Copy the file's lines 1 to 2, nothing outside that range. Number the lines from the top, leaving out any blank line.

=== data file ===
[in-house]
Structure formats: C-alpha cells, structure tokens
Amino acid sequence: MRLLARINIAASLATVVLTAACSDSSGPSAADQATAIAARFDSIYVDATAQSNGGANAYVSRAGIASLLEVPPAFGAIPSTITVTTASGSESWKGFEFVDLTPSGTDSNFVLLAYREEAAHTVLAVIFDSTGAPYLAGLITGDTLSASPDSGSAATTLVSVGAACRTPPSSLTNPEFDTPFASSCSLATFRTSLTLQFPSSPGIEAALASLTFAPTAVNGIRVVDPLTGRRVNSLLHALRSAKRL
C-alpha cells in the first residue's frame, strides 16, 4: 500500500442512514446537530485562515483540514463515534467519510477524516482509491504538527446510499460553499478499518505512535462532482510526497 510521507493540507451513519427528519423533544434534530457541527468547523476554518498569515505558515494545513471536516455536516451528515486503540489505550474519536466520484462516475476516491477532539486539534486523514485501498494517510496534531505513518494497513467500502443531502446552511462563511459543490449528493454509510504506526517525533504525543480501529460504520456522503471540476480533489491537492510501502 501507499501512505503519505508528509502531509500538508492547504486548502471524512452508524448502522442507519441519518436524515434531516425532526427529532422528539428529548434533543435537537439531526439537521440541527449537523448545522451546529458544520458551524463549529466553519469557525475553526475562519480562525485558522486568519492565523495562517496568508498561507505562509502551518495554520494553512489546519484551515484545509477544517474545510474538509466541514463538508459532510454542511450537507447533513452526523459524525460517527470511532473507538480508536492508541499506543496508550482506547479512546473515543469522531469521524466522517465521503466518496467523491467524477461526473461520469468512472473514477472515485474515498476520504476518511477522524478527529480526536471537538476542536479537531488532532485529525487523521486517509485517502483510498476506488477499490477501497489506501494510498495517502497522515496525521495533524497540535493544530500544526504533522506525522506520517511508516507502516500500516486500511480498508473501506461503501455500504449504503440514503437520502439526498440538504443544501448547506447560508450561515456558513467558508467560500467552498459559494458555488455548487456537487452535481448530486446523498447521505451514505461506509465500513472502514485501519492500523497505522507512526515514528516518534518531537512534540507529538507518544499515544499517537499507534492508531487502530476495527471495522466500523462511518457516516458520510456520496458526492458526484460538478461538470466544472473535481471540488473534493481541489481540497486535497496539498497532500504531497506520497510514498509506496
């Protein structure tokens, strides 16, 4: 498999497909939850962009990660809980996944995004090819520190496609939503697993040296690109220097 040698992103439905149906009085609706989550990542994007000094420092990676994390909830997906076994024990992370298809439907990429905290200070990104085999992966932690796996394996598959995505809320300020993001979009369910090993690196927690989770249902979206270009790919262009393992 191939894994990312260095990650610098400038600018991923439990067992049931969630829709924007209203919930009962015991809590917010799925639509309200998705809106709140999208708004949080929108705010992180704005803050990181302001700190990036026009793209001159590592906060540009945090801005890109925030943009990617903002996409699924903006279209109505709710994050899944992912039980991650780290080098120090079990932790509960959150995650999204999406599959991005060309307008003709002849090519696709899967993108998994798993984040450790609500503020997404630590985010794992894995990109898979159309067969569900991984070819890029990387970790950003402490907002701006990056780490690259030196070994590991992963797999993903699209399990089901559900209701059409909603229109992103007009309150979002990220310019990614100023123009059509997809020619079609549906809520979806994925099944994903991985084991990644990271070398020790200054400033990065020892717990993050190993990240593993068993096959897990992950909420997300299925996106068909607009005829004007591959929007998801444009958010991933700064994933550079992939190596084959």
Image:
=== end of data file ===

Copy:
[in-house]
Structure formats: C-alpha cells, structure tokens